Chapter 7. Writing good specifications

Ionce had an argument with a programmer who believed that we didn’t need to write specs. I walked into his office with this big template I’d been told to use by our boss, and he just laughed at it (and unfortunately, at me as well). His opinion was that if what I wanted to do was so complicated that I needed 50 pages to explain it to the programmers, it wasn’t worth building anyway. He saw the need for all of this process and paperwork as a signal that communication and coordination on the team were failing, and that we weren’t trusted to decide things for ourselves. We shouldn’t need so much overhead and bureaucracy, he said, implying that elaborate planning was never necessary.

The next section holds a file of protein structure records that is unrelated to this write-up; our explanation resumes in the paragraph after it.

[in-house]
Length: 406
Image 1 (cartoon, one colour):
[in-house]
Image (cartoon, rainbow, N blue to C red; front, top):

Having had this argument before, I smiled. I asked him if he’d make the same claim about the engineering plans for the hi-rise apartment building he lived in or the three-story highway overpass he drove on to get to work. But apparently he had heard this question before, and he smiled right back. He said that while he was glad those things were planned in great detail, he didn’t think working with software was quite the same as working with the laws of physics and construction materials (and he argued in favor of methods with minimal spec writing, such as extreme programming). We quickly agreed on two points. First, that compared to traditional engineering, software is more flexible, easier to change, and rarely has people’s lives at stake. But, we ...

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